The promotion was also serendipitous, as Beckles had been dreaming of a future leadership position. “My ultimate goal is to be an executive director of an arts organization, preferably a dance company,” she said. “That is my ultimate goal, because there’s not a lot of — I’m just gonna be honest — African American women who are in that position.”

In order to get there, in September, she started an MBA program. “I was like, ‘COVID? I got the time, I should utilize it.’ ” So she applied, not realizing that her dance work would start heating up again so quickly. She’s back at the law firm one day a week, too. Plus, she has joined two boards promoting cultural advocacy: the Philadelphia Volunteer Lawyer Association and Dancers Amplified.

“It’s way more than before,” she said. “I noticed that the busier I am, the happier I am, because it keeps me focused.”

— Ellen Dunkel

Lavett Ballard, visual artist

By any standard, Ballard has had a banner year. She got picked up by not one but two galleries, and her art, far from falling into obscurity during the pandemic, is selling — briskly.

“Oddly enough, my sales went into the stratosphere,” says Ballard, a University of the Arts graduate who lives in Willingboro.

She is well aware that such success is not the norm.

“We know what’s going on, what’s happening in the world. There are a lot of artists that are struggling just to get someone to look at their work, much less buy their work,” says Ballard, whose art explores stories of people of African descent in materials like collaged photos, paint, and metallic foils.

Ballard got a big break last year when her work appeared on the cover of Time magazine. She was understandably concerned that some of the potential visibility might get lost amid the torrential news cycle of those months. The worry, it turns out, was unnecessary.

“People were like, ‘Wait a minute, there are Black artists?’ Prayer may have had a lot to with it. I think it was the moment in time, everything being aligned in the right place and the right time. People recognized that there are many people of color who are artists.”

Among the recent recognition Ballard has landed is a residency at Yaddo, the prestigious artist retreat in Saratoga Springs, N.Y. Rowan College at Burlington County, which she attended but from which she did not graduate about a decade ago, plans to award her a degree in May — and invited her to give one of the commencement speeches. Her work in the last year has been acquired by numerous institutional and private collectors.

She said things have gone so well recently that she keeps waiting for the other shoe to drop. “It’s like, what is going on? Is my mom up there harassing some angels? Because this doesn’t happen normally.”

She’s also getting quite a bit of media attention, and in one recent interview, with a reporter in Syracuse, found one of her own questions being answered.

Is my mom up there harassing some angels? Because this doesn’t happen normally.

Lavett Ballard

“I never understood how people who aren’t Black understand my work, and the reporter pointed out one of the pieces that was inspired by the Greenwood Massacre. And she remembered her grandfather talking about reading about that, and how it was a blip in the newspaper, but it stuck with him. When she saw the work that reconnected to it, it reminded her of her grandfather. And you could see this connective tissue where it aligned my history with all histories, which is pretty cool.”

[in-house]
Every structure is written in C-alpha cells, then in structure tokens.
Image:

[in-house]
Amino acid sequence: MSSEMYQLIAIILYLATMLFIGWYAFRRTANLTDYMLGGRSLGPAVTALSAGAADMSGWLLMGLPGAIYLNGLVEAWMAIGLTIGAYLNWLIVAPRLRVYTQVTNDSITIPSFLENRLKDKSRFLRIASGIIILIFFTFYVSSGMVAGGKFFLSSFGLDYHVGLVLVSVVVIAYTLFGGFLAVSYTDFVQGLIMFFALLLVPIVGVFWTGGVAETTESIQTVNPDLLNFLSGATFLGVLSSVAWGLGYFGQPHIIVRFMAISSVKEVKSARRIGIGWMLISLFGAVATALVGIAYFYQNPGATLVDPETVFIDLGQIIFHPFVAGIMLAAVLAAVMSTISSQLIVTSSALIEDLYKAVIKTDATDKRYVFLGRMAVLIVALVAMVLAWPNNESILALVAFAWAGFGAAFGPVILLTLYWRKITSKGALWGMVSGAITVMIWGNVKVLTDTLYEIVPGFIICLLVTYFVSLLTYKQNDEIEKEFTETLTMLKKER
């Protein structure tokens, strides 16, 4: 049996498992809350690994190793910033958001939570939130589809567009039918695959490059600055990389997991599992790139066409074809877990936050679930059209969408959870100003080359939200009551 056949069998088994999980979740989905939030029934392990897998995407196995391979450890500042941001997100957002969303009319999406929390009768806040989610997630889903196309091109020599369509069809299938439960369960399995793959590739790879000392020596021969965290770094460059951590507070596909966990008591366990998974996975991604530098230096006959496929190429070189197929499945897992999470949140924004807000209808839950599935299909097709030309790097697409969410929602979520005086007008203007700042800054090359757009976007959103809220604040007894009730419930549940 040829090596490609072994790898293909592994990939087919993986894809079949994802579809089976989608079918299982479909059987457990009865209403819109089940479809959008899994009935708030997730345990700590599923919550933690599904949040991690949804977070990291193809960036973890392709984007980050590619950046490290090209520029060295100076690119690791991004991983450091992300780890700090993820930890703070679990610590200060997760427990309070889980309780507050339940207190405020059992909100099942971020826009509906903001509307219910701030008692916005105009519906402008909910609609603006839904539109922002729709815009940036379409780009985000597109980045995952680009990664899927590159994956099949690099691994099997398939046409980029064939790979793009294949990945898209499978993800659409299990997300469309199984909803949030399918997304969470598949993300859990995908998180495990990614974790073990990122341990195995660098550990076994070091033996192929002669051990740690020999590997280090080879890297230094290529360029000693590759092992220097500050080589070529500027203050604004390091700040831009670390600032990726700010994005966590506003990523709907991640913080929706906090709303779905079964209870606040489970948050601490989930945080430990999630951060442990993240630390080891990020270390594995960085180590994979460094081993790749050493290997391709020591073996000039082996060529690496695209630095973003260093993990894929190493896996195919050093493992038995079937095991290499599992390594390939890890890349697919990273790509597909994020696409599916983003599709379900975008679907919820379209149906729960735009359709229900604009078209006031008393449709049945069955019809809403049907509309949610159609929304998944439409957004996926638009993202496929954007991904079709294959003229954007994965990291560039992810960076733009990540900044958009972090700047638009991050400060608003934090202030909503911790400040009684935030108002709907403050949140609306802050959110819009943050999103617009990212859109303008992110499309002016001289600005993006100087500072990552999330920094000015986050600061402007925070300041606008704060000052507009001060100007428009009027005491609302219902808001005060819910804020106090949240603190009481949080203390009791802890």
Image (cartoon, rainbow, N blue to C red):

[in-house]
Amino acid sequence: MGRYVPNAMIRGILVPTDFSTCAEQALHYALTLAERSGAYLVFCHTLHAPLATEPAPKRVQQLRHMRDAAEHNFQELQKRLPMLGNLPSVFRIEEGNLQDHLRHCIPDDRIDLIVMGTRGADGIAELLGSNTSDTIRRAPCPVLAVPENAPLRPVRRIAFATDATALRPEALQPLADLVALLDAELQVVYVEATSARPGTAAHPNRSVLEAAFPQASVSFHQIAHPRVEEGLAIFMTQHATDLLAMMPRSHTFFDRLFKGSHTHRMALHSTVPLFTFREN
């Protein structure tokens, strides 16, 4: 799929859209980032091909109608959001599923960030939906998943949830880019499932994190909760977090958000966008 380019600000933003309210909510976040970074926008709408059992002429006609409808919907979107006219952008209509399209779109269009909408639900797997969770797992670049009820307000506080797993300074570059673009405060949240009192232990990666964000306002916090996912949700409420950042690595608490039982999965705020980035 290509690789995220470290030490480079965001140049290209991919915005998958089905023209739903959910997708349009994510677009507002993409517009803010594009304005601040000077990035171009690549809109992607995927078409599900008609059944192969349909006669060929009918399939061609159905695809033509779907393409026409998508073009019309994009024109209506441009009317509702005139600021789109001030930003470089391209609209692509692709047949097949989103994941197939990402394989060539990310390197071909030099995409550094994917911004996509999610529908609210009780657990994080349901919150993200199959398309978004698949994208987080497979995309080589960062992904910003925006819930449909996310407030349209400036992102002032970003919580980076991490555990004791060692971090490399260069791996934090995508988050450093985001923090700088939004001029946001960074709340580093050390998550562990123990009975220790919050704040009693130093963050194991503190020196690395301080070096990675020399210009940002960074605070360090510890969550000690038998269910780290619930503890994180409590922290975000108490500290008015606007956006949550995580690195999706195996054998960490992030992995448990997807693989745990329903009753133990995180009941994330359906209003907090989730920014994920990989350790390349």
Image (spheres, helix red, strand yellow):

— P.D.

David Thomas, pianist

The last paying gig Thomas played before the shutdown was on March 12, 2020, at Howl at the Moon, the Center City dueling piano bar where he’d been performing since graduating from University of the Arts the previous spring.

The next one came nearly a year later. This month, the 24-year-old singer did his first virtual show as Maui, a wedding duo he’s formed with former Howl coworker T.J. Young. They performed Queen, Billy Joel, and Harry Styles covers from a Delaware Avenue studio for a corporate audience.

In between, Thomas struggled with suddenly losing his livelihood. The same day that he lost his job at Howl at the Moon, he also learned of the cancellation of Red & Black, the UArts production that was scheduled to play the Polyphone Festival at the Wilma Theater in April.

“I was waiting on unemployment, and a slew of things were happening,” says Thomas, who lives in South Philadelphia with his girlfriend, Juliana Luber. ”It just felt like, what’s the point of making music right now?”

But then opportunities started to arise. In college, he had formed the band I Found You! with fellow student Donnie Grimm, who approached him about finishing A Dark Place, an album of trippy postapocalyptic folk that they began in 2018.

“A lot of the songs are about the end of the world, which we thought was going to come later than it did,” he says with a laugh. The album, which also features Luber’s vocals, was released on March 5.

When marchers began protesting the police killing of George Floyd, Thomas, who identifies as biracial, felt the need to make his voice heard.

It just felt like, what’s the point of making music right now?

David Thomas

“This summer, it really hit me. I was feeling so depressed and secluded, and I felt like I needed to start writing and saying something about what was happening.” He has been diagnosed with bipolar disorder, and says, “I started writing about my journey, and mental illness.” He hopes to perform those songs in Philly venues this year.

In Maui, both Thomas and Young sing, play a variety of instruments, and DJ. In-person dates are lined up starting in May, “and I’ll actually be able to pay my rent without digging into my savings.”

The pandemic has strengthened his resolve. “Every time I think about leaving music and doing something else that’s not as personal or exhausting ... I think, what would be this fulfilling? I know that I’m meant to do music. It doesn’t matter if I’m a superstar or not. I just want to make a living doing music.”

— Dan DeLuca